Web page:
Bussing Tables at a Restaurant – Pay, Tips, Skills

Have you always admired working in the hospitality industry but don’t have the skills and experience to enter higher positions right away? Maybe you just want to make extra money on the side working in the hospitality industry?

Bussing tables at a restaurant is an easy way to enter the restaurant industry. It can be a  stepping stone to better-paid positions such as chef or server, among others. Honestly, it isn’t a glamorous job you can brag about, but it’s an opportunity to make extra money while setting yourself up for higher paying positions.

When working as a busboy or busgirl, you are practically considered to be on the same level as a dishwasher. But unlike dishwashing, where there is a lesser chance of getting into new positions, you stand a chance to climb the restaurant ladder to better positions if you prove yourself.

You will hardly find any restaurants that hire you to work only as a busboy or busgirl. You’ll be expected to do pretty much any other menial jobs that come up in the entire restaurant.

Plus, most of the time, the waiters bus the tables as they serve. Be prepared to do other smaller menial jobs in the restaurant when looking to become a busser.

Many teenagers start their first jobs after school as bussing tables. It’s a low-paid position that requires no work experience or special skills. It’s a great way to earn extra money after school.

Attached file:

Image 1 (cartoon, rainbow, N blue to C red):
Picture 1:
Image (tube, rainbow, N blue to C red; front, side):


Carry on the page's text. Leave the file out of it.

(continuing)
Anyone can bus tables. If you prove yourself to be a good employee to the restaurant management, you can be promoted to higher-paying positions. Most of the time, you’ll end up getting a job as a restaurant server. It can be a lucrative position, especially when you work at a top restaurant where customers tip well.

So, what’s bussing tables and how much can you make working as a bus person

You’ll learn everything about bussing tables at a restaurant, how to become a busser and how much bussing tables pay. Armed with that knowledge, you will be able to decide whether working as a busboy or a busgirl is for you.

What is Bussing Tables?

Bussing tables is a low-paid, entry-level position in the restaurant industry where one works to keep the tables clean and ready for customers. A busser, also known as a busboy or busgirl, is expected to work with the kitchen and waitstaff to clear, clean, and set tables for the next customers.

What is a Bus Person Job Description?

A bus person’s responsibilities include:

  • Clearing tables. It involves clearing plates, glasses, used silverware, and napkins from tables.
  • Clean up spills and setting tables for the next customers.
  • Stock serving areas with supplies such as refiling things like salt and pepper shakers and condiment bottles wherever they are missing or empty.
  • Refiling glasses if servers are busy.
  • Alert servers whenever guests at a table need something.
  • Serving food during busy hours.

Work schedules are flexible for the position. Almost half of the bussers work part-time. It makes the job ideal for someone looking for work part-time in the restaurant industry and make extra money on the side.

There is also another advantage to this position. Though it’s a low-paid, entry-level position, it gives you the skills and experience you need for promotion into higher-paying positions.

The main disadvantage for bussers is the low pay and the fact that it isn’t a glamorous job. Having a job similar to a dishwasher isn’t something you can talk proudly about in your inner circle.

How to Become a Busser at a Restaurant?

Becoming a busser is fairly straightforward because there are no certification or education requirements.

There are some life skills and personal attributes that can help you become a good busser at a restaurant to help get a promotion to a higher-paying job.